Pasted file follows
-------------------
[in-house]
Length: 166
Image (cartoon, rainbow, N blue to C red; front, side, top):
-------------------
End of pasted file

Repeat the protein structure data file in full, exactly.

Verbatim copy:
[in-house]
Length: 166
Image (cartoon, rainbow, N blue to C red; front, side, top):